Rick @ 31: Your comment is spot on. If government were small, as it should be, its policy of not permitting any religious expression in order to avoid being perceived as favoring one faith over another would be acceptable, and even desirable, since evidence of faith would still be throughout the private world. However, sadly, the concept of small government is only theoretical, and the massive size of government prevents the faith community from being visible in society at large. That is why I believe we would be better off taking a narrower, proper view of the First Amendment, and permitting pluralistic religious expression even in governmental settings as long as no state religion is being established. Let the political process work to determine when religious expression is overbearing, rather than the courts. Given how afraid even our merchants are to offend the public by referencing faith, I hardly think that we would be inundated with faith references in our society, even with such a policy modification. And, it would have the bonus effect of being constitutional.

  • Don @32: I don’t have a really strong opinion on how to do things under the current arrangement. When deciding where to put my own efforts, I’m more interested in the long term than the short term. But I don’t imagine that the faith community being visible will be accomplished through the political process. Pluralism is a fair solution, but it favors religious positions that don’t see these pragmatic arrangements as statements of unity in faith. (The LCMS, for example, had a major problem when Pastor Benke prayed at the interfaith worship service at Yankee Stadium.) So this makes some people happier but not others.

    My own view of the First Amendment has changed. I now think we have to consider first how the structure of Constitutional Law changed after the Civil War. Before the Civil War, the Bill of Rights bound the Federal Government. It recognized that people had unenumerated rights, and did not see the Supreme Court as the guarantor of all the individual’s rights over against the states. While the individuals had these rights, the Federal Government didn’t have jurisdiction to enforce them. The Fourteenth Amendment municipalized the Bill of Rights, and ever since, there are varying theories as to which rights can be cited against state and local governments. Now, the question is not (or shouldn’t be) so much whether these rights exist or not. The question is whether the Constitution gives the Court jurisdiction over state and local governments in a given dispute.

    That said, appeals to the original intention are problematic, since we are talking about an amended Constitution with a different understanding of how rights are defended.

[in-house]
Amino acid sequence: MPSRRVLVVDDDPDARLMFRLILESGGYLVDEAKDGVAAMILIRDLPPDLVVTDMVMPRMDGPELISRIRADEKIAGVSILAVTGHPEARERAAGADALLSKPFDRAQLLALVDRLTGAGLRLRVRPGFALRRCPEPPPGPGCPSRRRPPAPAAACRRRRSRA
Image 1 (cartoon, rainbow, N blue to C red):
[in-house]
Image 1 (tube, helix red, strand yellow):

My own view is more Jeffersonian, even if I have a different hope for where that will lead over the long haul than Jefferson did. I don’t think people should have to pay for causes they don’t believe in. And I want my state constitution to be an even stronger guarantor of religious freedom than the Federal Constitution.

    Your last argument about not being inundated takes away from the rest of your argument. I don’t see how this can be important on the one hand and innocuous on the other. A manger, if understood, means that a king has been born. A king who was persecuted by a state. I don’t really expect the government to help me spreading that message. If I can manage to, then I think the salt has lost its savor.

  • Peter Leavitt

    A big problem we have with these First Amendment matters is that the militant secularists assume that the Constitution demands a separation of the religion including the predominant Christian one.

    The Founders made sure that the Constitution did not favor any one religion, though all of them understood that we are a predominantly Christian nation. They would be appalled at the anti-Christian tone of the militant secularists of our time.

    John Marshall, regarded by many scholars as the greatest of Supreme Court justices, wrote in an 1833 letter to Jasper Adams that:

    “The American population was entirely [sic] Christian and with us Christianity and religion are identified. It would be strange indeed, if with such a people, our institutions did not presuppose Christianity and did not often refer to it and exhibit relations to it.”

    Justice Joseph Story, another great Supreme Court justice, 1811-45, gave what is regarded by many as the most authoritative explanation of the First Amendment as follows: